# Monte Carlo integrate Improper integral

I am trying to use Monte Carlo method to integrate the following improper integral

$${1 \over \sqrt{2\pi}}\int\limits_{-\infty}^{\infty}x^4e^{(-x^2/2)} \ dx$$

Using change of variables, $$y = x^2/2$$, I can transform the integral into gamma function and get the solution as $$3\sqrt{2}\pi$$ (as shown here)

However, the integral still remains improper at $$0$$ to $$\infty$$ and I am not sure how to get that into a proper one so that I can use Monte-Carlo method to arrive at an approximate solution.

Any help is much appreciated.

Thank you

• The point of MC integration is to find a good random variable $Z$ s.t. $E[Z]$ is the desired integral. You can generate standard normal $X$. Generate $X_1,\dots, X_{10000}$ iid following standard normal. Take the mean of fourth power of the corresponding variable. By LLN, it will converge to the relevant mean $E[Z]$ which is the desired integral. You could do substitution by $y=x^2/2$ and consider generating iid exponential random variable as well. You can find the relevant power here as the normal case. Commented Apr 14, 2023 at 21:34
• Thanks @user45765 for your comments. I have just started learning this approach and I am not sure what you meant by "Take the mean of fourth power of the corresponding variable". Can you please explain a bit more? Thank you Commented Apr 14, 2023 at 21:59
• @Yoshiro The mean of the fourth power is $\langle x^4 \rangle$. If your distribution is the normal distribution that is just your integral. Commented Apr 14, 2023 at 22:36

What you have written down is incorrect. $$E[X^4]=3$$. Thus your answer should be close to 3 instead.

I will denote $$p(x)$$ as standard normal density $$1/\sqrt{2\pi}\exp(-x^2/2)$$. Then you want $$\int_{-\infty}^{\infty} x^4p(x)dx$$ which is really $$E[X^4]$$ by definition.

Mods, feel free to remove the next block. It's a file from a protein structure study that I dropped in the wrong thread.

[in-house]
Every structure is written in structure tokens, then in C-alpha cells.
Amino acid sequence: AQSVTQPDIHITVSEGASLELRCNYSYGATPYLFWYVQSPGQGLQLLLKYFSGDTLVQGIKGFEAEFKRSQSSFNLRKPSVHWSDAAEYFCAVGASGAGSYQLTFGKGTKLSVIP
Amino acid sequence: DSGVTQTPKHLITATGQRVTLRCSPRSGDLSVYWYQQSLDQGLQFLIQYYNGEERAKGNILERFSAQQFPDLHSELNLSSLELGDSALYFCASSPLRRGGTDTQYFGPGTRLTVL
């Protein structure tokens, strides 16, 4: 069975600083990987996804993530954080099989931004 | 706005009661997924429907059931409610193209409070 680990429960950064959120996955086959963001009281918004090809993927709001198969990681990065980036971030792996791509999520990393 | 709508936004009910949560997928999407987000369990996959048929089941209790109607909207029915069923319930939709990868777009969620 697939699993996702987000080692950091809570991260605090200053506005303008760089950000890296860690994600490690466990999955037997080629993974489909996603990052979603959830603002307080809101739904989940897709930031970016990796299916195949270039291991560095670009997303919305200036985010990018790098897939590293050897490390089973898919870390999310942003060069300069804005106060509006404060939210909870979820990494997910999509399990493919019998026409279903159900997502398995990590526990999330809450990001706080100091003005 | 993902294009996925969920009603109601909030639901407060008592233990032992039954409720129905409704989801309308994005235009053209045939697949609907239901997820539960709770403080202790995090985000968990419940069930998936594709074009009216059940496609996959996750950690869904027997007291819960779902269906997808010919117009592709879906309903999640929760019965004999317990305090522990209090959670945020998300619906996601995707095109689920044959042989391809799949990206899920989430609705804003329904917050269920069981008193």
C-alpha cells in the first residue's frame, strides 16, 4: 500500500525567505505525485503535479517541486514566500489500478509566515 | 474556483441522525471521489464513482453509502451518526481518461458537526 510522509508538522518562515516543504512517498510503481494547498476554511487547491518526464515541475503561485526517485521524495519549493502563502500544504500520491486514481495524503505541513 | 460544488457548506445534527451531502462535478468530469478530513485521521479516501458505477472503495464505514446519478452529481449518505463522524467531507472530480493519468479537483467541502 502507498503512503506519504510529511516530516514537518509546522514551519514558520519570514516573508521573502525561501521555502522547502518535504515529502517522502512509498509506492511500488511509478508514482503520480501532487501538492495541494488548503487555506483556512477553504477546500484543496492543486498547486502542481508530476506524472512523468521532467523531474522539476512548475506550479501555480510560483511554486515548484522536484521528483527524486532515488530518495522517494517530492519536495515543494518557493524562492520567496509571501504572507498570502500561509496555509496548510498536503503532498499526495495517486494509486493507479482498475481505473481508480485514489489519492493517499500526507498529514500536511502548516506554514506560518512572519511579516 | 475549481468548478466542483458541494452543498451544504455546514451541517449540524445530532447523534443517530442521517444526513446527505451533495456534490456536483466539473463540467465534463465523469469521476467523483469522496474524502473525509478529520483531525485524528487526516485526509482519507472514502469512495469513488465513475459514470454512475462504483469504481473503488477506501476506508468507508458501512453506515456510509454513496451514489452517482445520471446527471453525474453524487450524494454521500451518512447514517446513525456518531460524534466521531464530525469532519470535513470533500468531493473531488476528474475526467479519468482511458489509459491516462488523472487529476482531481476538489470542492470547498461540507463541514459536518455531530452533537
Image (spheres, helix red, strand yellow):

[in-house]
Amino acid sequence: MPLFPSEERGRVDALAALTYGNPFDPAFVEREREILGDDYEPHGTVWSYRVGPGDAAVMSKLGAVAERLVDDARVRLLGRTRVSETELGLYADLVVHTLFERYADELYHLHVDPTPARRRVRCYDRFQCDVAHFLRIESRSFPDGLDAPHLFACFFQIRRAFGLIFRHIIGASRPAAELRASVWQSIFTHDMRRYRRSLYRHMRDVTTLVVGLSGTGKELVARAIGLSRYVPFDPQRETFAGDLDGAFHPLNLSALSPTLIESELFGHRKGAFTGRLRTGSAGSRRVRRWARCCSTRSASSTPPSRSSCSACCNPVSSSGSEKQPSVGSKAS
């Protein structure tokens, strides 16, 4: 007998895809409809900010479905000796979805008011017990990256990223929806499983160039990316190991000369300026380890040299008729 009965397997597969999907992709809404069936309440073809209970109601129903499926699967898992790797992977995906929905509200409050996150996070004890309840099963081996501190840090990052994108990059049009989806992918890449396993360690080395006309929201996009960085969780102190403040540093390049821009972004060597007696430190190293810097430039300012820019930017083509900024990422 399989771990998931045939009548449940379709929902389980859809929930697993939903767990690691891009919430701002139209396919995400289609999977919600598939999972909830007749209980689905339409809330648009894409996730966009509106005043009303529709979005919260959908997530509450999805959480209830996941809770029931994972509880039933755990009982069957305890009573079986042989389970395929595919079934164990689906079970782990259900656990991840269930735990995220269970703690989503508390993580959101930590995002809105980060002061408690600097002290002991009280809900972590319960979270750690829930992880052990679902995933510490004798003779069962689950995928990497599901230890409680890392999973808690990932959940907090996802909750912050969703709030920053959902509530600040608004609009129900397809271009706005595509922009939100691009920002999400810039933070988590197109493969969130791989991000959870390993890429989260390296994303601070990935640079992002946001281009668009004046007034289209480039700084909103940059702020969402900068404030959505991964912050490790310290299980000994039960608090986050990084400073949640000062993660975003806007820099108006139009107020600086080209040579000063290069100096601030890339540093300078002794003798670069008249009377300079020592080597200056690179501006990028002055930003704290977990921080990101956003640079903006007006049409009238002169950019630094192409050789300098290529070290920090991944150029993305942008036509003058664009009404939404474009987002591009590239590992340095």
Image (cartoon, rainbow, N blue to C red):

Recall weak law of large number for $$Z_1,\dots, Z_n$$ iid following distribution $$f(Z)$$, then $$\bar{Z}=\frac{Z_1+\dots+Z_n}{n}$$ has for any $$\epsilon>0$$, $$P(|\bar{Z}-E[Z]|>\epsilon)\to 0$$ as $$n\to\infty$$. Here you want to choose $$Z=X^4$$ and by normal MGF, you will see it has $$E[Z]<\infty$$. The only matter is to compute it.

To simulate $$Z_1,\dots, Z_n$$, it suffices to simulate $$X_1,\dots, X_n$$ following $$p(x)$$ density, where $$Z_i=X_i^4$$.

Draw $$X_1,\dots, X_n$$ iid from $$p(x)$$, then compute $$X_i^4=Z_i$$. At last take the mean and apply weak law of large number.

Here is the code for simulation in R.

me_calc=c()
for(i in 1:1000){
x=rnorm(100000,mean = 0,sd=1)
z=x^4
me_calc=c(me_calc,mean(z)-3)
}
hist(me_calc)


Here is the simulation histogram and you can see it is fairly close to the true answer 3.

• It's clear now. Thank you so much for your help. Commented Apr 14, 2023 at 22:45

Explicit Monte Carlo using importance sampling to integrate $$\sqrt{\frac{2}{\pi}}\int\limits_0^\infty x^4e^{\frac{-x^2}{2}}dx$$ Let $$f(x)=e^{-x}dx$$ and $$h(x)=\sqrt{\frac{2}{\pi}} x^4e^{(x\frac{-x^2}{2})}$$.
$$f(x)$$ is the sampling density with the nice property that $$F(x)=\int\limits _0^xf(x)dx$$ is easily invertable . In addition, $$h(x)$$ is bounded.

To get a sample for Monte Carlo. Random number $$R$$ uniform (0.1) Use $$R=F(x)= 1-e^{-x}$$ to get $$x=-ln(1-R)$$. (Note $$1-R$$ is uniform). Sample value is $$h(x)$$

Quota sampling can be used to greatly reduce variance.